Carolina Hurricanes coach Paul Maurice said it was a hockey decision, nothing more or less.
General manager Jim Rutherford said not to read too much into it, that no long-standing decisions had been reached.
But making team captain Rod Brind'Amour a healthy scratch Monday night for the Pittsburgh Penguins game has led to questions about his future with the team. Was it purely a one-game thing? Or was it the first step toward Brind'Amour possibly giving up his captaincy, even considering retirement?
Rutherford said Tuesday he had not talked with Brind'Amour about giving up the "C" or ending a 21-year career.
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"There have been no discussions on any change in his status," Rutherford said. "When a player like Rod is not in the lineup, it's an issue and people talk about it, but we will take it one game, one week at a time.
"It's a tough time in a player's career, and possibly a Hall of Fame career, when a player does not play every game. At some point in the not-too-distant future, he and I will talk. ... At some point, we will have a discussion about what this means and how Rod is handling it and dealing with it."
Since being traded to Carolina from the Philadelphia Flyers in January 2000, Brind'Amour had not been a healthy extra for a game. He was designated the team captain before the 2005-06 season and was the quintessential leader as the Hurricanes won the Stanley Cup that year.
Brind'Amour, 39, was slowed by knee surgery early last season and was held out of two games in February because of a groin injury. Once back in the lineup, he picked up his productivity and helped the Hurricanes reach the playoffs for the first time since 2006.
"He took a little break and was real good in the second half of the season," Rutherford said.
But Brind'Amour, a former Selke Trophy winner as the league's best defensive forward, finished at minus-23 last season in the plus/minus ratings, near the bottom of the NHL. He is at minus-19 after 28 games this season, the worst rating in the league.
Brind'Amour had 13 minutes, 30 seconds of ice time Saturday in the Canes' 5-3 win over the Vancouver Canucks at the RBC Center. But forward Jussi Jokinen did not play because of an injury, and Jokinen's return for the Penguins game left the Canes with 13 healthy forwards -- and a decision for Maurice.
"It was not a long-term decision. It was strictly a hockey decision, for one game," Maurice said Tuesday. "We do what we think is right, and it's always based on performance."
The Canes won 3-2 at Mellon Arena. Maurice said he had not decided if Brind'Amour would again be a scratch tonight against the New Jersey Devils in Newark, N.J.
"It's never easy to sit out any player," Maurice said. "You ask your players to prepare physically and mentally for games, and at no point has anyone said, 'Roddy's not doing that.' He does everything he can to prepare.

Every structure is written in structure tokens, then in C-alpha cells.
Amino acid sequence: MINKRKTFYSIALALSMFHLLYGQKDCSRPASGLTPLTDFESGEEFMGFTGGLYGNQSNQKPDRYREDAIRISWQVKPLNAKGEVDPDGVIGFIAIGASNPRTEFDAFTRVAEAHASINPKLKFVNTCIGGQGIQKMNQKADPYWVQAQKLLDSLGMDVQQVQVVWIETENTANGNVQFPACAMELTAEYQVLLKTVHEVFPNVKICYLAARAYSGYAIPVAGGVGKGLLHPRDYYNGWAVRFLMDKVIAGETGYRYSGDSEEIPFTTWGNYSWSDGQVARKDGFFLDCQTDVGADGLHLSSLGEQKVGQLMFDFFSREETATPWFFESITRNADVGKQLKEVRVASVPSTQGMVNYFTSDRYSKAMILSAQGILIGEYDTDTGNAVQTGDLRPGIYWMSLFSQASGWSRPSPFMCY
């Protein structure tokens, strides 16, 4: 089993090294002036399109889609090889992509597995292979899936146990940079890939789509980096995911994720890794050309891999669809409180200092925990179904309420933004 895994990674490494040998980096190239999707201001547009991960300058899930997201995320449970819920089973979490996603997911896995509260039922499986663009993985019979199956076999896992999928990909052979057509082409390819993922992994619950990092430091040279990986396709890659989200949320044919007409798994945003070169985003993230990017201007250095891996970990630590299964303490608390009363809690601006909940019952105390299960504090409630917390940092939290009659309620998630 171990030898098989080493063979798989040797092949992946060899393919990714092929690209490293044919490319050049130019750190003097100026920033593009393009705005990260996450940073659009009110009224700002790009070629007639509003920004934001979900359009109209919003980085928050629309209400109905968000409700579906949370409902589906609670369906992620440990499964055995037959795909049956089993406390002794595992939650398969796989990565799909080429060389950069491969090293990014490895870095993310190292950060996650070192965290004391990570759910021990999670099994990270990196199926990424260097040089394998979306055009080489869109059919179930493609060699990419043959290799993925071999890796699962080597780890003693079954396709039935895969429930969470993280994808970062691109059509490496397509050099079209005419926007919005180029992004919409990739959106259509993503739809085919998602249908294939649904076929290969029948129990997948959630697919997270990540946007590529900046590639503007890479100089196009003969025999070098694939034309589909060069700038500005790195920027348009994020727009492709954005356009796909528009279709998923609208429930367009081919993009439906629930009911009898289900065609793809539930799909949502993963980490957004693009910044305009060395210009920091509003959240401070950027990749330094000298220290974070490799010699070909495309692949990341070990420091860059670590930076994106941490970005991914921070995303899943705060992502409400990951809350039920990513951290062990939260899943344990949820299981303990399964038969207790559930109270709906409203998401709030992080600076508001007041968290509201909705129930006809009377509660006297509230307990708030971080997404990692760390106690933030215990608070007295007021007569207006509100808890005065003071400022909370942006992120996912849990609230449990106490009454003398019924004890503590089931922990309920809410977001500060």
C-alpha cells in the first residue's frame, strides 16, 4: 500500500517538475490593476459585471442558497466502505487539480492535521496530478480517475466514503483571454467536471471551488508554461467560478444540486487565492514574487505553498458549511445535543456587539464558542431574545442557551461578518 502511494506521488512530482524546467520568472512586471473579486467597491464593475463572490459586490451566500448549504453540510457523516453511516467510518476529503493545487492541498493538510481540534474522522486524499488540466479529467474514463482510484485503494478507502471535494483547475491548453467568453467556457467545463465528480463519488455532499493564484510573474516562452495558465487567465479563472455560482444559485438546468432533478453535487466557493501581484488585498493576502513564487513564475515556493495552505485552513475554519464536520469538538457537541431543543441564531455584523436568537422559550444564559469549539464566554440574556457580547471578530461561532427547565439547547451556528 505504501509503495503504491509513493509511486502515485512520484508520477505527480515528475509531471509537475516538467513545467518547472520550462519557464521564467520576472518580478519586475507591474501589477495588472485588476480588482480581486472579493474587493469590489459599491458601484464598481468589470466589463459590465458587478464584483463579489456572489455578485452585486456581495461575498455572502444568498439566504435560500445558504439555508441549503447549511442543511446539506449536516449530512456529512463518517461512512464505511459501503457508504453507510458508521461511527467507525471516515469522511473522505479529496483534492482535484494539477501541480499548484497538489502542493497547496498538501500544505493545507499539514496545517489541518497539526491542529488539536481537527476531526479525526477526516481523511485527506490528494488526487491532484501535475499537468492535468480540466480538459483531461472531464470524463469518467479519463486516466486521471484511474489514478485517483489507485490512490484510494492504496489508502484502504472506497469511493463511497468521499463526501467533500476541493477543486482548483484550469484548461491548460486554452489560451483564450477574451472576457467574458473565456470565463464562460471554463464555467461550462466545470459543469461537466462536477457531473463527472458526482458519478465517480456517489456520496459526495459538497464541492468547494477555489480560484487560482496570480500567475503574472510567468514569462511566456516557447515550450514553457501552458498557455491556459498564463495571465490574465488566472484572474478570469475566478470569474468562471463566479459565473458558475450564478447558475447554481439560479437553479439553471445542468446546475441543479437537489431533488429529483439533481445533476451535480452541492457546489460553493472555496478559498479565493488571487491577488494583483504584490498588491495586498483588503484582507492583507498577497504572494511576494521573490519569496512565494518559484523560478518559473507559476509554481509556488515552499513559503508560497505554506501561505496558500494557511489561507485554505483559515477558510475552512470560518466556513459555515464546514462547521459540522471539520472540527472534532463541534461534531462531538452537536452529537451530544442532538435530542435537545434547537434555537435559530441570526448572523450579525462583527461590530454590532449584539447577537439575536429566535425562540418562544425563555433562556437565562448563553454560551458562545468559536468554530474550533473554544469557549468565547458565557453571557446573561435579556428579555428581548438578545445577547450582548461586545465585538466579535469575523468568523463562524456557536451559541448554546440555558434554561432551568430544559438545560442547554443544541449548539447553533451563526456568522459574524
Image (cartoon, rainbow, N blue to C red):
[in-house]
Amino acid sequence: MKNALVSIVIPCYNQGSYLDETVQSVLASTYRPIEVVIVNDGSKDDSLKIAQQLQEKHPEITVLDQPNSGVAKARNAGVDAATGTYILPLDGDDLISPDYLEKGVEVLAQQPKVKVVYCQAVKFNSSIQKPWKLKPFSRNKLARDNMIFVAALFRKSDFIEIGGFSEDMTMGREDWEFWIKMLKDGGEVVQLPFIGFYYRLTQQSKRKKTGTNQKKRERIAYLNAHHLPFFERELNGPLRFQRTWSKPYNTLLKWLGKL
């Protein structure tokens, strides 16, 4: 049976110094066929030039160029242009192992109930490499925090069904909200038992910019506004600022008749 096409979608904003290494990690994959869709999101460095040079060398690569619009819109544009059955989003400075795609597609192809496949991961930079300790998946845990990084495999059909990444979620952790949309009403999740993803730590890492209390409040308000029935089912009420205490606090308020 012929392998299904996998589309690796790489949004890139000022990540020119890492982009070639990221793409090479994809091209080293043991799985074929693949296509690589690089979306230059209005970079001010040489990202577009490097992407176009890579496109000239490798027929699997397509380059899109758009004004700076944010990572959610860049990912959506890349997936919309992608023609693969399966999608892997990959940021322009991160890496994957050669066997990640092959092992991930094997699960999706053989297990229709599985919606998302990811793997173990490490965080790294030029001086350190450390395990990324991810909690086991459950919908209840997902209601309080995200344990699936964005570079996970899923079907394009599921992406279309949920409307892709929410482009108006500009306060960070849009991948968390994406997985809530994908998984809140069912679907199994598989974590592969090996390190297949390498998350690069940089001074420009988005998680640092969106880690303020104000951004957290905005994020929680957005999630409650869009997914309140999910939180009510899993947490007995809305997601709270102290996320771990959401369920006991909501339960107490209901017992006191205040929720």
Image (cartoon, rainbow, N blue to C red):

"Jussi [Jokinen] was ready to go and get back in the lineup. We had a pool of two or three candidates of who might come out. But it's not like a decision was made Roddy's coming out the rest of the year."
Brind'Amour took the decision "like everything else he has handled - like a true professional," Maurice said.
Rutherford had early-week meetings in Raleigh and did not accompany the team to Pittsburgh or New Jersey.
"I have known Rod for a long time and have a lot of respect for him," he said. "I do not know where this is going. We'll have to see over time if this is the way it keeps going, and he's not playing. It's a tough time."
The victory in Pittsburgh was the Hurricanes' first on the road this season. Carolina opened a 3-0 lead, then weathered a Penguins comeback, with goaltender Manny Legace making 30 saves.
Though Legace has been the winner the past two games, Maurice said Cam Ward will start in goal tonight. Ward, who was activated Tuesday from the long-term injured reserve list, has been out since Nov. 7, when he was cut near the left knee by the skate of Rick Nash of the Columbus Blue Jackets.
"Cam's ready, and we need to get him in game form," Maurice said.
The Canes on Monday placed goaltender Michael Leighton on waivers. Leighton cleared waivers Tuesday, but Maurice said Legace will be Ward's backup.
"This is the first time in my career that I've had to sit back and watch for a while," Ward said. "You get hungry, just sitting there watching. You want to be out there, back out on the ice and help contribute with the guys."
Ward missed three games in March 2007 after a leg laceration. This one was more serious.
"It's hurt me more being forced to the sidelines and watch from the dressing room," Ward said. "When I play, I just need to relax and play my game. I don't want to be overanxious where I'm too excited or looking around too much. Just do my thing."